A scooter board can be customized for a particular child. These come in all shapes and sizes (depending on the size of the user). Some have leg stabilizers or arm stabilizers built in. The one demonstrated here has an anti-tip bar. This one is small, but so is the user.
faux leather fabric / Naugahyde
1" nominal thickness foam padding
Velcro (both hook and loop, not adhesive)
Casters (I collect casters from discarded office furniture, desks, etc. for just such an event)
#10 screws, 1/2" (4 per wheel, in this case)
Step 1: Take Measurements
He measured 8" wide and 16" from neck to crotch. The board will be made to this size.
This instructable actually covers two boards, the original prototype and an upgrade.
The second one is a little bigger; more on that later.
Step 2: Cut the Board, Add Casters
Next, cut a 45° chamfer on each of the corners for a rounder look.
I rounded all the edges; this will be easier both on the kid and the upholstery.
I positioned four casters on the board (in this case, I aligned them on the corner bisectors on a whim).
The main point here is to try and position the casters so that the radius of revolutions don't touch - you should be able to spin the casters without them banging into each other. The other point is to spread out the load as uniformly as possible.
I drilled pilot holes for the casters, then screwed the casters into place.
In this case, I used a 7/64" drill bit for the pilot holes, and used #10 - 1/2" metal screws to attach the casters.
I collect good casters for such projects. Whenever I see a junk <desk, chair, etc.> with casters, I try to rescue the casters before the rest of it goes to the dump. You can also buy casters online, at the hardware store, etc. I am experimenting with using ball transfers as casters for scooter boards.
Step 3: Upholster the Board
Lay out the scooter board on top of a piece of foam padding. Lay the board and the foam on top of faux leather or other upholstery fabric. The foam should be bigger than the board on all sides, and the fabric should be bigger than the foam. This gives space for the fabric and foam to wrap around the edges.
The wheels are on in this step because the wheels all need to spin freely. With the wheels attached, this can be easily tested.
Wrap the fabric and the foam around a straight edge.Staple into place. Repeat on the opposite side, stretching the fabric tight; staple into place. Repeat for the other sides, then start on the corners.
Trim the foam and the fabric as needed. The corners are especially tricky. I am using the corner technique from http://littlegreennotebook.blogspot.com/2012/07/how-to-upholster-bench-corners.html
Step 4: Attach Velcro
Also on this step I added a stabilizer bar. Normally this is not needed, most children have more arm and leg and can right themselves if they tip. "A" needs a little more help - he could tip over and not be able to get back upright. The bar can be removed once he learns to balance by himself. Think of it as a set of training wheels.
I think the stabilizer bar used to be a sign stake or a tomato stake (i.e. scrap wood I had on hand) that was rounded and sanded smooth so he wouldn't scrape himself.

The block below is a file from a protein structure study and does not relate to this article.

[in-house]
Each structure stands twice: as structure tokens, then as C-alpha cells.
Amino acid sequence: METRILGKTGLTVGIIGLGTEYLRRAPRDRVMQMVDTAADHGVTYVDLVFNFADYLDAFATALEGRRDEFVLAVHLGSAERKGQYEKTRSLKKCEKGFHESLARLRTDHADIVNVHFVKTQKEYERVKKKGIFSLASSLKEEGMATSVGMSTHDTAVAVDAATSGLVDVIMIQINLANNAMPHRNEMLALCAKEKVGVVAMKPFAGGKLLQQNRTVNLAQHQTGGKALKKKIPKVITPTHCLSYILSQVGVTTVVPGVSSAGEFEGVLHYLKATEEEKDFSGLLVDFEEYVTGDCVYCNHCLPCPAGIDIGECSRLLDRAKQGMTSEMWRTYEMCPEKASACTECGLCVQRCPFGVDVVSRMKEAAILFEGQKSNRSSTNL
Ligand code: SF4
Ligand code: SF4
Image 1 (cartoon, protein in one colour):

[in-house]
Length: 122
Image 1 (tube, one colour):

Step 5: User Testing
1) He is top-heavy. Since he is missing some leg, his head is the heaviest part of him. If he is positioned so that he can reach the ground, he tends to nose-dive. He figured out how to balance, and was able to move with his back wheels and feet in the air (like a wheelbarrow). We will fix this by adding a nose wheel to prevent tipping.
2) It would be easier if he had more use of his arms. We will fix this by making a tapered nose on the next model.
Step 6: Version 2 Cutting
I mapped out the shape I needed, and marked off 1" from the edges for upholstery. The rotation of each wheel (except for the nose) is marked. The board is cut, the holes are drilled, and the casters are attached. I had initially considered a smaller wheel for the nose, but later decided to make them all the same size. I used the same size bits and screws for this build.
Step 7: Version 2 Upholster
This time, I tucked the fabric under and stapled through both layers. It results in a much cleaner look. Pull the fabric tightly before stapling the material.
I made sure to have extra padding in the nose and on the tail, as these are the areas most likely to be involved in collisions.
Step 8: Version 2 Velcro
I moved the stabilizer bar from the first model to the second.
I also ran out of black Velcro so I switched over to using white for one strap.
Step 10: Update: Ball Transfers
They can mount from the bottom of the deck (like the casters). Since there are no swinging parts, we don't have to worry about a radius of revolution like with the casters.
The best part is that they can be mounted from the top of the deck. This means cutting a hole through the wood, then screwing the ball transfer into the top of the wood deck using the provided mounting holes. This dramatically lowers the height of the scooter board. For someone with poor leg and arm length like "A", this means the legs and arms are closer to the ground and thus more useable. For this design, hugging the ground also removes the need for an anti-tip measures. It becomes impossible to tip as the scooter board rides 1/2" from the ground. I had to make sure the upholstery was nice and tight to prevent it dragging on the ground.
The two scooters shown in the pictures using the transfers - one is a "booty scooter" (sit on it), and the other is prone (lay on it).